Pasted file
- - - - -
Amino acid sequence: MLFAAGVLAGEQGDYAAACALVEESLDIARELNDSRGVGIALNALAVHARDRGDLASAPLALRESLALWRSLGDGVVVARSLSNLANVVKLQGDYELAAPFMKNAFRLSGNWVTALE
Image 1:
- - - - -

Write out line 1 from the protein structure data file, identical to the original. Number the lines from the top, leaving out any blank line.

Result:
Amino acid sequence: MLFAAGVLAGEQGDYAAACALVEESLDIARELNDSRGVGIALNALAVHARDRGDLASAPLALRESLALWRSLGDGVVVARSLSNLANVVKLQGDYELAAPFMKNAFRLSGNWVTALE